Home Sales Spark A Market That Feels Heavy!

August 26, 2009

This week, the market has been looking for a new catalyst to push it higher. After last week’s big run, the market looks tired and it might be a little ahead of itself.

Yesterday, news that Ben Bernanke would be reappointed should have resulted in a big rally and it did not. He has guided us through one of the toughest periods since the Great Depression and a change at the helm would have wreaked havoc on the market. The announcement did not have to be made for many months, but analysts were wondering why they would delay when the decision was obvious. His reappointment removes uncertainty from the market and he can start working on his plan to unwind Fed easing.

The White House Budget Office revised its economic forecast and conditions are worse than expected. In the next 10 years, our budget deficit will grow by $9 trillion, $2 trillion more than expected. This does not include any provisions for health care reform. They expect unemployment to hit 10% this year and they don’t see improvement until 2010. This news negated the positive influence from Bernanke’s reappointment.

This morning we learned that durable goods orders rose by 4.9% in July. That was much better than expected and transportation orders were up 18.4%. That was largely due to commercial aircraft orders. Auto sales increased by .9% and it looks like cash for clunkers will hit next month’s number. We know the program has been very successful.

New home sales were also released this morning and they rose for a fourth straight month in July. Sales rose 9.6% and the market had a very positive reaction to the number. This was the biggest monthly percentage gain since February 2005. Interest rates are low, home prices have fallen dramatically and the $8000 tax credit is available through November. Home sales have fallen so dramatically that an increase from that deep trough should be expected under these conditions.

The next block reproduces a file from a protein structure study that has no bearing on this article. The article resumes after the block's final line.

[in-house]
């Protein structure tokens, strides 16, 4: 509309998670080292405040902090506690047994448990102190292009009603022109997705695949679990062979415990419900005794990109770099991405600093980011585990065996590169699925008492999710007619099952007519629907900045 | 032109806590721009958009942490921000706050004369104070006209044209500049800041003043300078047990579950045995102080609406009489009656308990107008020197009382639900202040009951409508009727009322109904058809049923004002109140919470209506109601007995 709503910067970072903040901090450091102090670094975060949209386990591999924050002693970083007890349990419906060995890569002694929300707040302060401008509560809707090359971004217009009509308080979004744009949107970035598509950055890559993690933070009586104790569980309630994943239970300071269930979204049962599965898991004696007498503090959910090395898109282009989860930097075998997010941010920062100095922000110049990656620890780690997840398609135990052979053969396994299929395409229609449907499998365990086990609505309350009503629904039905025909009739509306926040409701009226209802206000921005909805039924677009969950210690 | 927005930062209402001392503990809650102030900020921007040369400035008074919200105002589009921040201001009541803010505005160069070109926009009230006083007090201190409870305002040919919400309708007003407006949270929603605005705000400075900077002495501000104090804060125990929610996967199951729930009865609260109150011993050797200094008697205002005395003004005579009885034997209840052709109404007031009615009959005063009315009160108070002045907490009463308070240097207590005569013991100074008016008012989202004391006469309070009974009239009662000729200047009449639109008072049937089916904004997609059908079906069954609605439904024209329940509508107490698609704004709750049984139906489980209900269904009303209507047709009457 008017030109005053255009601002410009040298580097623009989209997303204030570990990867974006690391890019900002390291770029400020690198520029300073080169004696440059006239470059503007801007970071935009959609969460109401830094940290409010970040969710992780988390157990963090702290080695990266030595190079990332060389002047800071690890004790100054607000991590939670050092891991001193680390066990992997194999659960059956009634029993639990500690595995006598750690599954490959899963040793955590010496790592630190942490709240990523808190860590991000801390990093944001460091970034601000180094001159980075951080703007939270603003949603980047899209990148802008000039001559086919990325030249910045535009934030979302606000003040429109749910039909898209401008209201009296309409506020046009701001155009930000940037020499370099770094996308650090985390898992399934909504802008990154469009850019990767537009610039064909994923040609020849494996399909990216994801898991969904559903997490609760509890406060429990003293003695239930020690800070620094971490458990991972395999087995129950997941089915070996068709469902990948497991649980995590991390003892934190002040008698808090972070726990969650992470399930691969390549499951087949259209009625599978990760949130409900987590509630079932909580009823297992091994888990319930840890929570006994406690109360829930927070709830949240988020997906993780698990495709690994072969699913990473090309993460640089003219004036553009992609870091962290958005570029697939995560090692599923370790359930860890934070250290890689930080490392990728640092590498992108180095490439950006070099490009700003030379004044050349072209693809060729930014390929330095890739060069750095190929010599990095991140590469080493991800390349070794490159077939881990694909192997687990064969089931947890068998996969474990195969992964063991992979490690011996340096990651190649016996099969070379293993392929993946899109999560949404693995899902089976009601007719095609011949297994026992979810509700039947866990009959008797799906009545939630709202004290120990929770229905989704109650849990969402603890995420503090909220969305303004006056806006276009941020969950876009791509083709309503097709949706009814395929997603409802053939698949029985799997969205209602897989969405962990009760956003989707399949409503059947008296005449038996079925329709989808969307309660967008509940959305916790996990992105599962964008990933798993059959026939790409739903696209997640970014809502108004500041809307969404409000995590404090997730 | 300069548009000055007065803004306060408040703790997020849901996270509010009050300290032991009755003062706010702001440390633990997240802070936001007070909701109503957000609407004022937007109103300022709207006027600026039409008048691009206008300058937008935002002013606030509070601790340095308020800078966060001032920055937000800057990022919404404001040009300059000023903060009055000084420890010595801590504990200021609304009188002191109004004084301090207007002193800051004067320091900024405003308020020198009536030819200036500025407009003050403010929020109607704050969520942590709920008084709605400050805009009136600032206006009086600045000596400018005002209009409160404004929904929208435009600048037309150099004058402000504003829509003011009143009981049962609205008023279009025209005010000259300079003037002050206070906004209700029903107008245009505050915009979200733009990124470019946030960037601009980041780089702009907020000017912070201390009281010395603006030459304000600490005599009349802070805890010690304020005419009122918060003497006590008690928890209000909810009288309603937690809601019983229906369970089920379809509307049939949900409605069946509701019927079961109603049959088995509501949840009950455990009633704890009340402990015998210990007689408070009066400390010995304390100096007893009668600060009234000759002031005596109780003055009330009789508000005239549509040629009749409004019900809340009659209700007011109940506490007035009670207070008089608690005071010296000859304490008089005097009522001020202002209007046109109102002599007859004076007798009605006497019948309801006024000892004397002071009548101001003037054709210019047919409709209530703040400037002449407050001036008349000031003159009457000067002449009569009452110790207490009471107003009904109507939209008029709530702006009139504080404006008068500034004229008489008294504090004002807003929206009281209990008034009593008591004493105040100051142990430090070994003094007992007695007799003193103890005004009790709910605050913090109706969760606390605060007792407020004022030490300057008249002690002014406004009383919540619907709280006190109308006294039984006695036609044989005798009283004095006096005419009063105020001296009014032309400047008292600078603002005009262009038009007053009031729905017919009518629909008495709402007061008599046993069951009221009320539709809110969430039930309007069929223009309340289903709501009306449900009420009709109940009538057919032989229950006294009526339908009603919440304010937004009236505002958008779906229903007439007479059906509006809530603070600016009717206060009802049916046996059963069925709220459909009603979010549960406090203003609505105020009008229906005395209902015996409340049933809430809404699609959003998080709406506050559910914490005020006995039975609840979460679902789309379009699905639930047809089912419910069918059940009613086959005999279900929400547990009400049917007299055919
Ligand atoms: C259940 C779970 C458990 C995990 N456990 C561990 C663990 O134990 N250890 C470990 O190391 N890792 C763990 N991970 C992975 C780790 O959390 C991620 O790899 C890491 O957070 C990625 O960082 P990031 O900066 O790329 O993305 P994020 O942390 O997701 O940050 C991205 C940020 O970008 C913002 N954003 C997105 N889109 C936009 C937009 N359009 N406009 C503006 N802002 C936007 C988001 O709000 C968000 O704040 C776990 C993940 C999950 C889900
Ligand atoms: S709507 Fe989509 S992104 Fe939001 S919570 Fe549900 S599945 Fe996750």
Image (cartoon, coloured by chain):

Tomorrow, we will get the next revision for Q2 GDP. The increase from Q1 to Q2 was dramatic when the first calculation was released last month. If that number stands, the market should have a positive reaction. The possible “fly in the ointment” is initial jobless claims. Last week it increased more than expected and if we see that again this week, it won’t be well received.

The news is rather light and so is the trading activity. Bears will not stick their neck out and bulls are searching for their next catalyst. The path of least resistance is higher but the market feels a little heavy.

I am sticking to my strategy and I am selling out of the money puts on strong stocks. I have 25% of my desired risk exposure on right now and I don’t plan on adding unless I see a pullback to support. In today’s chart I have outlined the support levels I am keeping an eye on. As long as SPY 96 holds, I will maintain my bullish bias.

Almost everyone I listen to on CNBC is looking for a pullback in September. That is seasonally a weak period and they plan to buy that dip. When I hear this theme over and over again, I question whether it will materialize. The best rallies have come after market declines and I hope this scenario unfolds. In case it does not, I want to at least have a small position on.

Trading has settled into a tight range today and I’m not looking for a big move either way. Advancers and decliners are balanced and a quiet day is in the making. Sell some out of the money puts, but keep your risk exposure small.

Previous Bulletin

August 25, 2009

Next Bulletin

August 27, 2009